other critics knock up.
The guide follows a set formula opening with a readers' survey, some editorial (eating out in the recession), review of the year, awards, Hot 100 and a 'where to' guide before launching into the reviews proper. The main body of the guide is split into sections either by cuisine e.g. Chinese or by genre e.g. Gastropubs. There are also sections for cheap eats and drinking.
The guide is easy to follow with red stars awarded to very good restaurants and green stars denoting cheap eats. My favourite feature is the menu guide for different cuisines that translates and describes foreign food terms. It's thoughtful touches like these that set Time Out apart from the competition as well as encouraging diners to be adventurous.
Now this wouldn't be much of a review if I didn't have a moan and the first thing that irritates me are the awards. I'm not sure why the awards place so much emphasis on the new with 'Best New....' comprising eight out of ten of the awards. In particular, 'Best New Design' really riles me as trendy design often masks deficiencies in the kitchen especially in London. This award is a bit like a best costume design Oscar – nice but not what you go to the cinema for.
I'm not sure how I'm going to review the rest of the book as guidebooks aren't really meant to be read cover to cover. Also there are whole sections; I rarely dip into (vegetarian – no thanks). So I'm going to mainly focus on the 'Noodlesphere' – apart from Japan & Korea as my knowledge of these cuisines is patchy at best.
Despite the Chinese guide being one of the larger sections, I was disappointed to see the lack of coverage of the emerging mainland Chinese dining scene. For example, are there really only two Sichuan restaurants in London, Bar Shu and Snazz Sichuan worthy of mention ? In the case of the latter, it isn't even the best Sichuan restaurant in its neighbourhood (that's Chilli Cool – review soon). Although I haven't checked them out yet, a quick reccie on the blogosphere identifies more Sichuan places worth trying such as the imaginatively named Sichuan and No 10.
The other non-Cantonese places featured are the bleeding obvious such as Ba Shan and Baozi Inn whilst more earthy places like My Old Place are absent. There's also no mention of places serving Dongbei (North East China) and Fujian cuisines. The Cantonese places listed are less contentious although I can’t believe Hung's is ignored whilst the inferior Cafe de Hong Kong and HK Diner are featured (I promise I’m not in the pay of Hung's). For dim sum, all the usual suspects are listed with some far flung outposts such as Golden Palace in Harrow and Mandarin Palace in Ilford also present. A useful guide to dim sum is also included.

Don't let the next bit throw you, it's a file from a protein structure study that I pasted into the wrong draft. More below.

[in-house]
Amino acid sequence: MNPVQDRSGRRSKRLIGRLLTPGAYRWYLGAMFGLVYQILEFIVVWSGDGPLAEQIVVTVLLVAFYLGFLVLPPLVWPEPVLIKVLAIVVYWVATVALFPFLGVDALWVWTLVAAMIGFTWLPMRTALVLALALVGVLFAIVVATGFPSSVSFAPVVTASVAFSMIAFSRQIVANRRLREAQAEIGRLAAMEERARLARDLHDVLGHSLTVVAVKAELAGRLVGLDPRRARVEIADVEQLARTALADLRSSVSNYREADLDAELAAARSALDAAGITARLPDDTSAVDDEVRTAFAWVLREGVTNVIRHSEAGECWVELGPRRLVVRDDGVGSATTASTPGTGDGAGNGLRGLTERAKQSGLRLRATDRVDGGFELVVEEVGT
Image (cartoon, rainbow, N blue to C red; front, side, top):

What hacked me off the most was the inclusion of Cha Cha Moon and Ping Pong – dreadful places that are examples of trendy design taking precedence over culinary excellence. The review of Cha Cha Moon reads almost like a PR release and bears no resemblance to the place I tried last year. I remember the XO vermicelli – a couple of prawns in a gloopy sauce (with only a hint of XO sauce) with bits of pork scratchings scattered on top of vermicelli – being particularly hideous. Other dishes fared little better with tasteless stock in the soup noodles and dumplings that fell apart. And don't even get me started on the idiot staff who work there. At least Ping Pong's take on dim sum gets a bit of a shoeing which then begs the question what the hell is it doing in the guide.
There are no obvious omissions in the Malaysian, Indonesian & Singaporean section but there really aren't that many places to miss out. But I can't believe that only three places on the 'Pho Mile' are listed in the Vietnamese section. The Oriental section also bugs me as it consists mainly of places that master none of the cuisines featured on their menus. I'm pretty sure that many of the featured restaurants e.g. Dim T would fail to make the guide if this section didn't exist.
Time Out laments the prevalence of dumbed down Thai food in the capital and whilst the Thai population in London is relatively small, I think more of an effort to track down authentic places where Thais visit could have been made. Some research on the blogosphere reveals 101 Thai Kitchen and Addie's Thai as places to try. I also have an idea where the Thais might go but I'm keeping this a secret for the time being ! Overall, the Thai section is a bit disappointing with few red stars awarded. Mind you, the red star restaurants featured aren't all that special, in particular I can't believe that Busaba Eathai was awarded one – it's good but not red star good.
On the rest of the guide, favourite Indian and Italian places of mine are missing as are a couple of gastropubs I like but for some reason I feel less strongly about this. As I reach the end of the review, I realise I may have been too hard on Time Out - whilst it's easy to moan about a few omissions, it's takes a lot of hard work and dedication to compile and maintain such a comprehensive guide. OK - it isn't flawless but the Time Out guide is definitely worth buying for its insightful and incisive reviews.